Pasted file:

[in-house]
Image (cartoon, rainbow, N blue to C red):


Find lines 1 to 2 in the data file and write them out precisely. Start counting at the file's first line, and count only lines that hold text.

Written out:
[in-house]
Image (cartoon, rainbow, N blue to C red):